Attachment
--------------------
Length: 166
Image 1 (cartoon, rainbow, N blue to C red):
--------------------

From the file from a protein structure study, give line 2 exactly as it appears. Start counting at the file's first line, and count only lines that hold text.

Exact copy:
Image 1 (cartoon, rainbow, N blue to C red):